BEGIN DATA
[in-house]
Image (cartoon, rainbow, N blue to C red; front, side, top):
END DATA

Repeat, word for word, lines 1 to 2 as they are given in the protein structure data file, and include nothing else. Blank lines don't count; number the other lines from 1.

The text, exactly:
[in-house]
Image (cartoon, rainbow, N blue to C red; front, side, top):